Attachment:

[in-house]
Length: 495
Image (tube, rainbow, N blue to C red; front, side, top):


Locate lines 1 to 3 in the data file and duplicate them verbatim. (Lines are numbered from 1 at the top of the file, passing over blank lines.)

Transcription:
[in-house]
Length: 495
Image (tube, rainbow, N blue to C red; front, side, top):